Group enjoying the view


Today has been a really great day! We had a full day off from the work site so that we could explore the area. It was nice to have a chance to sleep in. Around 11:15 this morning, we left to go to Grandfather Mountain in Linville, NC. We stopped to look at the bears, otters, cougars, and bald eagles that were in their ‘mini-zoo’ (as I call it), to look over a few sections of the mountain, and then looked at the gift shop. We then went farther up the mountain to go to the Mile High Swinging Bridge. We parked the van in a parking lot that had a sign for a walking path to the bridge. The sign said it was a 0.4 mile walk, but it felt like it was much longer than that because it was uphill, and also required us to walk through mud and climb on large rocks. Once I realized that the path required us to ascend that much, my legs groaned, as they were sore from working yesterday. When I began walking, the altitude and uphill climb made me lightheaded, which resulted in me having to take a few breaks. I was EXTREMELY relieved to see the bridge and to know that the long walk was done.

The view around the bridge was gorgeous, but when I was going to finally cross the bridge, I remembered something: heights are not my favorite thing. As I crossed the bridge, I held on to both railings (with the exception of when people were walking in the other direction) and walked as quickly as I could force myself to. After taking a break and taking some more pictures, we crossed the bridge again (once more, I did so as quickly as good as I could), and made the walk back to the van. This was much easier than the trip to the bridge. We then made our way to Boone, a nearby town, to eat at a restaurant called Macado’s. We were all excited to eat, and after doing so, we looked around and did a bit of shopping, which was fun.

After arriving back at the church where we are staying, Tim Seymour and I prepared our reflection. We wanted our team to begin to think about how the trip has affected them personally. On a few balloons, we wrote some questions. “How has the trip so far compared to what you expected?” “What has been a humbling experience?” “How have you personally grown?” “What goals have you achieved?” “What is something from the trip that you would like to bring back to Lourdes?” “Who has been a positive influence?” We then had the group stand in a circle and toss the balloons around the circle while playing music, and when the music stopped, each person with a balloon would have to answer the first question that they looked at. Our team was very receptive to the questions, and we had some great responses.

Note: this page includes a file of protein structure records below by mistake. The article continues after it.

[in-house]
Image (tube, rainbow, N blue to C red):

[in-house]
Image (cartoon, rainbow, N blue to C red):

Group with scenic background

Tim Seymour

The Overview Effect

The Overview Effect is a phenomenon in psychology where someone experiences something so great that their perspective on life is changed towards the love of others. It is seen most in religious experiences and in astronauts looking back at our blue planet.

The greatness of the mountain does not take from the beauty of the flower, but in seeing its greatness we can see the flower more clearly as another beautiful form of nature.

One big question to me  is why do we rely so much on the mountains and valleys in our life? Life can be so filled with highs and lows, but what’s consistent is that we’re human, we’re breathing, we’re alive. I don’t want to live for the mountain or the high, I want to live in light of this: Regardless of any greatness of the mountain, it does not take from the beauty of the flower.


“The splendor of the rose and the whiteness of the lilies do not rob the little violet of its scent nor the daisy of its simple charm. If every tiny flower wants to be a rose, the Spring would lose its loveliness.” Saint Therese of Lisieux


Group Crossing Mile High Bridge   Tim Broud climbing a mountain

Group with Grandfather Mountain Sign   Jenn hiking

Selfie of hikers

Group photo enjoying outdoors   Group hiking

Shannon and Em enjoying the outdoors  Group enjoying dinner out


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